Previous green roof studies have found that planted roofs significantly reduce roof temperatures and roof heat flux, and simulations indicate cooling load reductions of up to 25%. This monitored study evaluates summer and winter energy performance aspects of a green roof on a central Florida university building addition that was completed in 2005.
Analysis of 2005 summer data indicates significantly lower peak roof surface temperatures for the green roof compared with the conventional roof and a significant shift in when the peak temperature occurs compared to the conventional roof. Summer roof heat flux estimates show the green roof to have an average heat flux of 0.39 Btu/ft2 /hr or 18.3% less than the conventional roof's average heat flux rate of 0.48 Btu/ft2 /hr.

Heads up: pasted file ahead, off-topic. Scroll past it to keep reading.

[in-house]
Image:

Winter data again show significantly lower peak roof surface temperatures and higher nighttime surface temperatures for the green roof. For periods during which the ambient temperature was less than 55° F, the weighted average winter heat flux rate for the green roof is -0.40 Btu/ft2 /hr or 49.5% less than the conventional roof's average heat flux rate of -0.79 Btu/ft2 /hr.
Buildings - Roofs
Florida Solar Energy Center and Sonne, Jeffrey, "Energy Performance Aspects Of A Florida Green Roof" (2006). FSEC Energy Research Center®. 499.